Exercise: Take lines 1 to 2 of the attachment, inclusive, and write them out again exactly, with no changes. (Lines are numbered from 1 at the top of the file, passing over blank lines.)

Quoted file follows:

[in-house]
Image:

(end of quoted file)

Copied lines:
[in-house]
Image: